Richard Bruce, a graphic designer and museum assistant and an employee of the Kalispel Tribe, lodged a complaint about Rodgers with the board. In response, the board asked Lois Bergstrom, a regional human resources manager at the Washington State Department of Corrections, to investigate the issue.
At press time, Bruce had not returned phone calls from the Inlander and a records request for the investigation had not been filled.
Rodgers says the complaint claimed he was "creating a hostile work environment and ... was retaliating and intimidating."
Rodgers admits there was a rift between Bruce and the museum, but refuses to take the blame. "He refused to meet with me," Rodgers says. "I can't be intimidating if I'm not talking with him and he's not talking with me."
To try to get Bruce to talk, Rodgers says, he changed the lock on Bruce's office door, and appended a note saying, "You want the key, come talk to me."
Ultimately, Rodgers says, the investigation concluded that issues between staff members needed to be resolved. "The agreement was that he would participate along with me and three other staff in a mediation to identify the issues and find the solution," Rodgers says.
Again, this echoes the past. In 2013, the state launched an extensive investigation into allegations of gender discrimination and retaliation by Rodgers. The investigator cleared the executive director of the primary accusations, but identified serious staff discontent, concluding he had likely had "significant and detrimental impact on the MAC."
Despite this, the board stood unanimously beside him and celebrated his business plan.
This time, however, it isn't just the "hostile work environment" complaint the board had concerns about. In January, the board sent letters and memos to Rodgers identifying concerns about his work plan, the museum budget and how he responded to instructions from the board.
Rodgers says he had a response to the budget memo prepared on the day he was fired. But he was too busy working on a state capital budget request, he says, to respond to the board's demand for a reformatted work plan, or several other board complaints.
"I did not respond to the two-and-a-half page memo criticizing me for the fact a member-preview postcard was mailed late," he says. He suspects that the spate of recent board memos to him were designed to lay out a case for his termination.
In January, Pessemier and Rodgers presented a united front to the Inlander, celebrating state funding for a "predesign," a thorough analysis of the physical and financial structures of the museum in order to ensure its future.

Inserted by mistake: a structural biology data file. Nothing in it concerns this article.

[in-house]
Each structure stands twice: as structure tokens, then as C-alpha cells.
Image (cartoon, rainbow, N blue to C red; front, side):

Today, by contrast, Rodgers says he disagreed significantly over the board's view of the predesign and condemns the board for overstepping its authority. After five board members resigned in May, Rodgers says, the board has attempted to "govern by memo," directing the director specifically instead of guiding through general policy.
"That's a violation of the delegation of day-to-day authority to the chief executive of the museum," he says.
Pessemier says the board has sought to clearly answer Rodgers' questions about his role and the board's.
"We felt it was important to have clear communication with him and communicated regularly," she says. "We consistently consulted the attorney general's office to confirm the appropriate processes."
In fact, Pessemier says, during the same board meeting when they fired Rodgers, they voted to adopt his predesign recommendations.
As the MAC enters its 100th year, it's looking forward. Moredo-Burich — now the interim director — can rattle off all the reasons to be excited about the MAC's present and future, from the current "Treasures" exhibit to Nez Perce artifacts to an upcoming ancient Egypt show.
Rodgers, for his part, can point to successes he's brought to the museum, from opening on Sundays to providing digital access to the photo archives. But as he pursues litigation, Rodgers' traditional optimism about the MAC sounds absent.
"The board talks about recruiting a new executive director," Rodgers says. "What museum professional is going to look at an institution like this, that has — especially within the museum community — a reputation?"
He answers only with slow shrug of his shoulders. ♦